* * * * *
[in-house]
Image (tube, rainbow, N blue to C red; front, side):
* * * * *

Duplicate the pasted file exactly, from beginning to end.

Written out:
[in-house]
Image (tube, rainbow, N blue to C red; front, side):